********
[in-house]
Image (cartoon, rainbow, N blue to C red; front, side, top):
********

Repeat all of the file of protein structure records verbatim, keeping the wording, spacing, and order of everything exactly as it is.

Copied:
[in-house]
Image (cartoon, rainbow, N blue to C red; front, side, top):